© Cambridge Fracture Clinic - Mr Lee Van Rensburg - Cambridge; United Kingdom
Cambridge Fracture Clinic

Clavicle Fractures

General

Clavicle (Collar bone) fractures are very common in the young and old. For clavicle fractures in children.  (see below) The clavicle connects the arm and shoulder to the rest of the body. In general treatment, outcome and prognosis depends on where along the clavicle it is broken. In the middle third, lateral third, or medial third. The middle third being the most common then lateral and rarely the medial third. Speed of healing varies depending on age,  displacement of fracture fragments, degree of  comminution and where it is broken (Middle, medial, lateral). Displaced fracture middle third of clavicle, if you cant see it mouse over the image. Note shortening of fracture.

Diagnosis

The diagnosis of clavicle fractures is usually straightforward, the tender bump is visible and patients often feel the bones clicking and moving under the skin. An X ray will often confirm or exclude a fracture. Sometimes it is difficult to see exactly how the fracture fragments are aligned and further x ray views may be requested. CT scans may be needed if a fracture is being slow to heal, to see if it  is definitely healed or not. CT scans are rarely needed for a simple fracture only sometimes in medial third fractures.

Treatment

Treatment depends predominantly on the site: Middle third Lateral third Medial third

Middle third (treatment)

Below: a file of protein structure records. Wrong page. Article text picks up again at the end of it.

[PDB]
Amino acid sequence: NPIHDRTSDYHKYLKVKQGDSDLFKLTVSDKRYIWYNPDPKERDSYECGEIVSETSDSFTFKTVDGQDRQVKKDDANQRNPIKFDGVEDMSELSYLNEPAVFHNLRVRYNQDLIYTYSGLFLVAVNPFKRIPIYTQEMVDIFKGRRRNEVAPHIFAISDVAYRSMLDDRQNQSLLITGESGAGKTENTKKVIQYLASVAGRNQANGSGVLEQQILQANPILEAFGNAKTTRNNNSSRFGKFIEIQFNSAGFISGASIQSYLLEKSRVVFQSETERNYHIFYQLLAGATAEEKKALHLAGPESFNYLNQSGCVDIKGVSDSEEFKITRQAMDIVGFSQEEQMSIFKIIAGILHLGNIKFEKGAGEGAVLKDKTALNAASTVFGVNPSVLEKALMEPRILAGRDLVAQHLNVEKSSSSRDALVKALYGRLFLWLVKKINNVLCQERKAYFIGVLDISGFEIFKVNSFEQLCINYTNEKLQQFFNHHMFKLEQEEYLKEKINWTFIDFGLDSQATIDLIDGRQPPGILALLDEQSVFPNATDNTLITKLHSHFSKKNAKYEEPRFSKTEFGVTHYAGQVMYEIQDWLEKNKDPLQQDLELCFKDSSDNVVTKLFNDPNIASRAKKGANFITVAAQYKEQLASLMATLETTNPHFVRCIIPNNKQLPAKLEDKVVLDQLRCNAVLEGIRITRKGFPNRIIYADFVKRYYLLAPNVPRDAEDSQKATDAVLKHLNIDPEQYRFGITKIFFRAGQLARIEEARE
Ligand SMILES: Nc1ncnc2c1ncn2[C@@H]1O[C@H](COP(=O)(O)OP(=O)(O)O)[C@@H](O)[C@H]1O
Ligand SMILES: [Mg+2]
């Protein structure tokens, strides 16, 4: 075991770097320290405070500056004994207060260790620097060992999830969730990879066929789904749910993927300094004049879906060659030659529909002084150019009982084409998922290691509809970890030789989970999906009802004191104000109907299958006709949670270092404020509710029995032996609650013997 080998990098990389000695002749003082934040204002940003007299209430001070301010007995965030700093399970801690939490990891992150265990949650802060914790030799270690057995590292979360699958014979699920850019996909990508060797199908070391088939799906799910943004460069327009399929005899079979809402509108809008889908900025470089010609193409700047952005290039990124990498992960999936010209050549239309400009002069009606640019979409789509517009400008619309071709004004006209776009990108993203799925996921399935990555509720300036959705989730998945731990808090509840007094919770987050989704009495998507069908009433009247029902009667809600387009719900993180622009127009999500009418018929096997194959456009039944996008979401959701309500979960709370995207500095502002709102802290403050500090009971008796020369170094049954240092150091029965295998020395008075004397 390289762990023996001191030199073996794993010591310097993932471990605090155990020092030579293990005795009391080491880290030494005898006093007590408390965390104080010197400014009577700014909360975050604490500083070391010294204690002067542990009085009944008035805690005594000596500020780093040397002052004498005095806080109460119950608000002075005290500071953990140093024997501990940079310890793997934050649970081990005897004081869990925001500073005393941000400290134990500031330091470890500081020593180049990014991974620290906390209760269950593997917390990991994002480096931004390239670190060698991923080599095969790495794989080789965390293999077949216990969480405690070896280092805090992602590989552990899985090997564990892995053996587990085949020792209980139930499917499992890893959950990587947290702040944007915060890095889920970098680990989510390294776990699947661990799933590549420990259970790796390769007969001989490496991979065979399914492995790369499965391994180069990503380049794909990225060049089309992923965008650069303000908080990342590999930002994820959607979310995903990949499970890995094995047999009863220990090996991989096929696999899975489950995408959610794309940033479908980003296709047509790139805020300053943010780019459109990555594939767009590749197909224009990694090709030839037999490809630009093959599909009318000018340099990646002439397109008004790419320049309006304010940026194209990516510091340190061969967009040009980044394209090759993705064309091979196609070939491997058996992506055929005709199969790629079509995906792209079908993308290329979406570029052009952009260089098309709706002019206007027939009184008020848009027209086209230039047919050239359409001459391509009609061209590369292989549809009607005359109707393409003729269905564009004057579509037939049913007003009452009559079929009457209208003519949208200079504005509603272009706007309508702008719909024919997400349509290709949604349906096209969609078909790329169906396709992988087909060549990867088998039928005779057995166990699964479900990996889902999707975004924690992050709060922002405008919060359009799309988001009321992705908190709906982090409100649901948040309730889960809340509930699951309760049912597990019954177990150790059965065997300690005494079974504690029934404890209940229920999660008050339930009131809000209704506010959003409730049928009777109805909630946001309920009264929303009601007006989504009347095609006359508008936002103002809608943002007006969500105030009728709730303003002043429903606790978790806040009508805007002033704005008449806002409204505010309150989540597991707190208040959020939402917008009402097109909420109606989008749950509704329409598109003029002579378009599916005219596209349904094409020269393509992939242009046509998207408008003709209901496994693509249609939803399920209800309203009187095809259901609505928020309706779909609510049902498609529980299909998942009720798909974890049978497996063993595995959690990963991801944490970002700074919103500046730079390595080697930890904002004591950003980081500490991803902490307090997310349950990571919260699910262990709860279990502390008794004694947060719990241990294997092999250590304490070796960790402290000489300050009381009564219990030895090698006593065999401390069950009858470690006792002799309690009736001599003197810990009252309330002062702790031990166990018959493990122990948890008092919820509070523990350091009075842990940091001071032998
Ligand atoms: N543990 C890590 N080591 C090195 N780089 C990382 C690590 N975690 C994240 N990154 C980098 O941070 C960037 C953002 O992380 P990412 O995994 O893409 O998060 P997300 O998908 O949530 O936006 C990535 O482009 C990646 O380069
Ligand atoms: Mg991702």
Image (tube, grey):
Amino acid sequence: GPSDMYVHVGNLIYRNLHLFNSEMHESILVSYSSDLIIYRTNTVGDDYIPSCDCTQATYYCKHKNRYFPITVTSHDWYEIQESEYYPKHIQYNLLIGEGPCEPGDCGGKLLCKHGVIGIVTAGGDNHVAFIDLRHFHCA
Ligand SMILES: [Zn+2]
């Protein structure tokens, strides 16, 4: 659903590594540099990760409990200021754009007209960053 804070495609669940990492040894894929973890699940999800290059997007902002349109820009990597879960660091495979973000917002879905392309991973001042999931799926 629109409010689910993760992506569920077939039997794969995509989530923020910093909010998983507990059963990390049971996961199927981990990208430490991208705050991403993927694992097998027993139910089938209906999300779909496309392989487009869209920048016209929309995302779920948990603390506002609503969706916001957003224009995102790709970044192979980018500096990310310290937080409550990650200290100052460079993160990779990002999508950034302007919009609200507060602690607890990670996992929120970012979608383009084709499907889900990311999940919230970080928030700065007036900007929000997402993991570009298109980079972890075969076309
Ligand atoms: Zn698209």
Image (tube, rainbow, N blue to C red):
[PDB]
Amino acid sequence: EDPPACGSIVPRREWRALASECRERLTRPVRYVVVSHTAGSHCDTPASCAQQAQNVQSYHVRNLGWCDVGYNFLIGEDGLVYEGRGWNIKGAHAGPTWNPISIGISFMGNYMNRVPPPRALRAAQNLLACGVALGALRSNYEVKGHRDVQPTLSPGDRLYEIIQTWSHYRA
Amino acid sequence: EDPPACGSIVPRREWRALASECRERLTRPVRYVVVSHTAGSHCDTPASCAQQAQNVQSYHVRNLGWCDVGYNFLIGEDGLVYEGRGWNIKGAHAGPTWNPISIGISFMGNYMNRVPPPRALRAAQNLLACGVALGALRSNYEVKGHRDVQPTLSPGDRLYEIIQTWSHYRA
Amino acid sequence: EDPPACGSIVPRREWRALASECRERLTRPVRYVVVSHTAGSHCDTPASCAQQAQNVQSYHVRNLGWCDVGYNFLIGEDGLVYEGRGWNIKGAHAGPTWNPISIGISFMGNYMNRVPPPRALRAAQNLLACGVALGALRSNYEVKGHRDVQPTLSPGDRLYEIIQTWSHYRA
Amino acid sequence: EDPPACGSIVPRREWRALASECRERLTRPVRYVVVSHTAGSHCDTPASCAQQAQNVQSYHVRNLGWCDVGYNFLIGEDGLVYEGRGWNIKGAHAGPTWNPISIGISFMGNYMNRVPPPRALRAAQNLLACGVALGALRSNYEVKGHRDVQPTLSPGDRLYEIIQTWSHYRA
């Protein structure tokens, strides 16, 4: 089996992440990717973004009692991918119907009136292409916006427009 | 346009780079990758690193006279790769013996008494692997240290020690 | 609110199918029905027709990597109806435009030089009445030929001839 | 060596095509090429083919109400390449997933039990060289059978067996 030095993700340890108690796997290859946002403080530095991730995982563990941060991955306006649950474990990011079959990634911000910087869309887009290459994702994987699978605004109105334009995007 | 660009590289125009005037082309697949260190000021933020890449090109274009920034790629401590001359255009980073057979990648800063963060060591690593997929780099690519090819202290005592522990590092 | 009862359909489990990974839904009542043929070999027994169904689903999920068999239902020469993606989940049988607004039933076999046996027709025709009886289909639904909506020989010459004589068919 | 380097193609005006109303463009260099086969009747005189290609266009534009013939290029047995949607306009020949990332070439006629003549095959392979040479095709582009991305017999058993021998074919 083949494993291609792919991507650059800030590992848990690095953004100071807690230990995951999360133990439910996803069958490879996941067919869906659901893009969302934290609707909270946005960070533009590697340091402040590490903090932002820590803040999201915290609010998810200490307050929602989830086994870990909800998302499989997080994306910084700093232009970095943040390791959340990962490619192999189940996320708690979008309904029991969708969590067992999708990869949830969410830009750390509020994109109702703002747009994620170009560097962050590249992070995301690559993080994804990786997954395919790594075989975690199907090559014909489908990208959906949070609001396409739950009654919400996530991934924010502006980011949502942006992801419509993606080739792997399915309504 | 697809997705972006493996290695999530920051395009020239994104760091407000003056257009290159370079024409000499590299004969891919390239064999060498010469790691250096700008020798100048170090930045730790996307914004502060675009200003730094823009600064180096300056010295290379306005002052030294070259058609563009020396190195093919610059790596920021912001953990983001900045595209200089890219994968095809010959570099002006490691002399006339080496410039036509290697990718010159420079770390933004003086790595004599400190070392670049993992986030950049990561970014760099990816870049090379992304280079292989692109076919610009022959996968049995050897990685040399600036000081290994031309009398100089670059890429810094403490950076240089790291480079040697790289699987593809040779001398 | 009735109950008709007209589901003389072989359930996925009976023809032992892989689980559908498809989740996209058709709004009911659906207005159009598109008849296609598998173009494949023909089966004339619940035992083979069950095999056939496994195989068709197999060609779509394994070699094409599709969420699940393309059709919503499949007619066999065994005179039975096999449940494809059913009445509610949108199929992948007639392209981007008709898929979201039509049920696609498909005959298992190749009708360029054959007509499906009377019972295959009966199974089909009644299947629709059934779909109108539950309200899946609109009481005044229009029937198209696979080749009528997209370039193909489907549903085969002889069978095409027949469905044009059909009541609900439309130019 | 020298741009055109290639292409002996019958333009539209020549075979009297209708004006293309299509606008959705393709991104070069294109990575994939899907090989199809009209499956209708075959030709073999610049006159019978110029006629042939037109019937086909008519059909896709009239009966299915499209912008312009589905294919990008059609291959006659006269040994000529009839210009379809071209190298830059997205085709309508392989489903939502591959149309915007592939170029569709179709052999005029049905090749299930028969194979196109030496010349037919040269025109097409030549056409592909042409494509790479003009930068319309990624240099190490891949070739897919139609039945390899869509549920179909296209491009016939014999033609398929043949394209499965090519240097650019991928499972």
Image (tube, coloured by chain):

Middle third fractures are the most common. Non operative treatment remains the predominant treatment option, particularly in children and in adults with undisplaced fractures. Operative treatment (surgery) may be offered if the fracture is comminuted, displaced or significantly shortened (1.5 to 2cm). Non Operative treatment (middle third) Treatment is purely symptomatic.  A little movement stimulates healing, too much movement slows it down. A broad arm sling is used to support the arm for comfort. Use the arm for the activities of daily living, lifting nothing much heavier than a cup of tea for six weeks. This is then followed by a gradual increase in activities both in intensity and duration. The clicking and movement of the fracture gradually reduces as the bones begin to become sticky and set. "Listen" to the fracture, not literally but figuratively. If it aches a little that is OK, if it really hurts and aches that night or the next day after increased activity you have done a little too much.  That does not mean stop completely, just come down a little on your activities followed by a graduated increase in activity. Figure of eight bandages have been used in the past in an attempt to splint out the clavicle to length. They make absolutely no difference and although in some parts of Europe they are still used they are of no value. Operative treatment (middle third) The only real absolute indication for an early operation in a clavicle fracture is in an open fracture. In adults if the bone ends are separated (displaced) and or broken into a number of little pieces (comminuted) it may take a long time to heal and some will not heal fully by 6 months. If the bone ends overlap and are shortened by 1.5 to 2 cm, you may notice some fatigability of the shoulder and shoulder function will not be as good as before the fracture. Not desperate but noticeable if you have high functional demands on the shoulder. It is possible to operate at any time if the fracture does not heal fully and achieve bony healing. BUT There is something to be said for having an operation early on to allow for early return to function and optimizing function, particularly in a world that moves very quickly. DOWNSIDE  No operation is without risk.  Although patients with a  comminuted,  displaced fractured treated with an operation will have better shoulder function and return to normal activity faster than with non operative treatment. No operation is without risk complications of surgery: Anaesthetic Infection/ Local wound healing problem Tender scar Nerve injury - particularly the small nerves over the front of the chest below the scar Blood vessel injury - This is rare but serious, there is a reported deat from injury to the vessels behind the collar bone. Prominent plate - and possible need for future removal Persistent Non union - risk is less for post surgery but not zero Methods of fixation:  There are several ways of fixing a clavicle, broadly grouped into two methods:  1. Plate and screw fixation  2. Intramedullary screw or nail fixation  In essence the plate and screw fixation is more secure and allows for earlier return to heavy duty overhead activity, the down side being a bigger scar and the prominent plate that sits just under the skin. Intramedullary screw or nail fixation is not as strong, but still realigns the bones improving healing times. The smaller scar and absence of prominent plate and screws may be more appealing. Sometimes the screw head or TENS nail may be prominent and need removal.